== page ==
The seasons have turned and, if we’re not already sure of that, we could tell by the variety of butterflies flitting through the garden. Most are too high or too fast for me to capture and then there is a host of Cape Autumn Widow (Dira clytus) butterflies that fly slowly just above the level of the grass, often settling on bare patches of ground.

These velvety brown butterflies only appear during March and April, when the warm, dry days provide perfect flying conditions. They sometimes land on the bricks surrounding the pool and wait obligingly to be photographed.

We have watched them with delight as they skim the lawn and dip into the surface of the pool in passing. Sadly, some take a dip too far:

During one teatime we rescued three Cape Autumn Widows in less than a minute – all within seconds of them landing in the water. Here is one on the pool net:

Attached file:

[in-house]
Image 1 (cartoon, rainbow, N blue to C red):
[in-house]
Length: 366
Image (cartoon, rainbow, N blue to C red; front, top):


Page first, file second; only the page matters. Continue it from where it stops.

We have since covered the pool to slow down evaporation. This is another rescued butterfly, pausing to dry its wings. Doubtless the eyespots help to protect them from predatory birds – it is interesting that they are clear on the underside too:

I am pleased to report that it was able to continue its flight – many more were not as fortunate.

These photographs were taken with my aged cell phone.

17 thoughts on “CAPE AUTUMN WIDOW II

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